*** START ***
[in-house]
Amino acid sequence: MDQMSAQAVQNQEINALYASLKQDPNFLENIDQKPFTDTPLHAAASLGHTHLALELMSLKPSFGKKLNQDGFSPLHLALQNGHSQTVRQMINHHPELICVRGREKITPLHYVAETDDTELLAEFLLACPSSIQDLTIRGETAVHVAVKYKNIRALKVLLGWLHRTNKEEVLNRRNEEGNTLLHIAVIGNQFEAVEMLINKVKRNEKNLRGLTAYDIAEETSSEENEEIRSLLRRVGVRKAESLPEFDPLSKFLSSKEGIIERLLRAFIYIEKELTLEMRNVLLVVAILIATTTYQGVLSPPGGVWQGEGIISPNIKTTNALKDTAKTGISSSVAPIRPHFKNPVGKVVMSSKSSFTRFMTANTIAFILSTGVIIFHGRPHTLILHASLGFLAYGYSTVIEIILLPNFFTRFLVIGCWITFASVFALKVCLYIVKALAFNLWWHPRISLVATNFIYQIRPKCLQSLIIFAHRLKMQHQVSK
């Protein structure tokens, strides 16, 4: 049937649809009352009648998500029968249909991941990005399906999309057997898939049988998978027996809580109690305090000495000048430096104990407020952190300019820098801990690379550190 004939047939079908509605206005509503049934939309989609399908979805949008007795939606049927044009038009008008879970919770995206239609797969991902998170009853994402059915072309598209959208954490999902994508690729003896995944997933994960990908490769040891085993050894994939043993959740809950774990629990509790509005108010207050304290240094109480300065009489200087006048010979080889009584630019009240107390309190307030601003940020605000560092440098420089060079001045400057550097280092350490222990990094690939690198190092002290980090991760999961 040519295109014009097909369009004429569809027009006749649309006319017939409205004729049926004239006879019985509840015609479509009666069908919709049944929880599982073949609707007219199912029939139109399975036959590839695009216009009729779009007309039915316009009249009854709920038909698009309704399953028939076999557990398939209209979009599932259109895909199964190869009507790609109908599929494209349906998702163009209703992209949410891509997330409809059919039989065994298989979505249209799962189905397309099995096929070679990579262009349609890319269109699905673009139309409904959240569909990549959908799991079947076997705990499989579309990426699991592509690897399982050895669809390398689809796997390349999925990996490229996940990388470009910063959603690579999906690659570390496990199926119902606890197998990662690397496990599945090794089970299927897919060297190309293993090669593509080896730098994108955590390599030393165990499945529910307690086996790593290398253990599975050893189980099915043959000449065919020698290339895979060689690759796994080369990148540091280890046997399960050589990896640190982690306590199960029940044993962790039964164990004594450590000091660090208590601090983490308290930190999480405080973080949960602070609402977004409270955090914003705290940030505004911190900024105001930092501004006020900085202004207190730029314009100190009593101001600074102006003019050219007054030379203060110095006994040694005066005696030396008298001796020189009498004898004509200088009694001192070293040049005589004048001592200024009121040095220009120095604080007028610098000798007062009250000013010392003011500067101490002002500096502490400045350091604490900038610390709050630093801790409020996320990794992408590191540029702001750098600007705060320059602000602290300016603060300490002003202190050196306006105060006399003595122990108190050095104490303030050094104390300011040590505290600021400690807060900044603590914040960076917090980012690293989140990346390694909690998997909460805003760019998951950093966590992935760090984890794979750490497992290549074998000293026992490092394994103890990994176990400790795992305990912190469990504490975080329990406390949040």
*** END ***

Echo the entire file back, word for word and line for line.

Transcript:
[in-house]
Amino acid sequence: MDQMSAQAVQNQEINALYASLKQDPNFLENIDQKPFTDTPLHAAASLGHTHLALELMSLKPSFGKKLNQDGFSPLHLALQNGHSQTVRQMINHHPELICVRGREKITPLHYVAETDDTELLAEFLLACPSSIQDLTIRGETAVHVAVKYKNIRALKVLLGWLHRTNKEEVLNRRNEEGNTLLHIAVIGNQFEAVEMLINKVKRNEKNLRGLTAYDIAEETSSEENEEIRSLLRRVGVRKAESLPEFDPLSKFLSSKEGIIERLLRAFIYIEKELTLEMRNVLLVVAILIATTTYQGVLSPPGGVWQGEGIISPNIKTTNALKDTAKTGISSSVAPIRPHFKNPVGKVVMSSKSSFTRFMTANTIAFILSTGVIIFHGRPHTLILHASLGFLAYGYSTVIEIILLPNFFTRFLVIGCWITFASVFALKVCLYIVKALAFNLWWHPRISLVATNFIYQIRPKCLQSLIIFAHRLKMQHQVSK
């Protein structure tokens, strides 16, 4: 049937649809009352009648998500029968249909991941990005399906999309057997898939049988998978027996809580109690305090000495000048430096104990407020952190300019820098801990690379550190 004939047939079908509605206005509503049934939309989609399908979805949008007795939606049927044009038009008008879970919770995206239609797969991902998170009853994402059915072309598209959208954490999902994508690729003896995944997933994960990908490769040891085993050894994939043993959740809950774990629990509790509005108010207050304290240094109480300065009489200087006048010979080889009584630019009240107390309190307030601003940020605000560092440098420089060079001045400057550097280092350490222990990094690939690198190092002290980090991760999961 040519295109014009097909369009004429569809027009006749649309006319017939409205004729049926004239006879019985509840015609479509009666069908919709049944929880599982073949609707007219199912029939139109399975036959590839695009216009009729779009007309039915316009009249009854709920038909698009309704399953028939076999557990398939209209979009599932259109895909199964190869009507790609109908599929494209349906998702163009209703992209949410891509997330409809059919039989065994298989979505249209799962189905397309099995096929070679990579262009349609890319269109699905673009139309409904959240569909990549959908799991079947076997705990499989579309990426699991592509690897399982050895669809390398689809796997390349999925990996490229996940990388470009910063959603690579999906690659570390496990199926119902606890197998990662690397496990599945090794089970299927897919060297190309293993090669593509080896730098994108955590390599030393165990499945529910307690086996790593290398253990599975050893189980099915043959000449065919020698290339895979060689690759796994080369990148540091280890046997399960050589990896640190982690306590199960029940044993962790039964164990004594450590000091660090208590601090983490308290930190999480405080973080949960602070609402977004409270955090914003705290940030505004911190900024105001930092501004006020900085202004207190730029314009100190009593101001600074102006003019050219007054030379203060110095006994040694005066005696030396008298001796020189009498004898004509200088009694001192070293040049005589004048001592200024009121040095220009120095604080007028610098000798007062009250000013010392003011500067101490002002500096502490400045350091604490900038610390709050630093801790409020996320990794992408590191540029702001750098600007705060320059602000602290300016603060300490002003202190050196306006105060006399003595122990108190050095104490303030050094104390300011040590505290600021400690807060900044603590914040960076917090980012690293989140990346390694909690998997909460805003760019998951950093966590992935760090984890794979750490497992290549074998000293026992490092394994103890990994176990400790795992305990912190469990504490975080329990406390949040």